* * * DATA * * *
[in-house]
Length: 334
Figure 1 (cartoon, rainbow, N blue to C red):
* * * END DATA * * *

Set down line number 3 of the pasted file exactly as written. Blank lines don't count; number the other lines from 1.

Figure 1 (cartoon, rainbow, N blue to C red):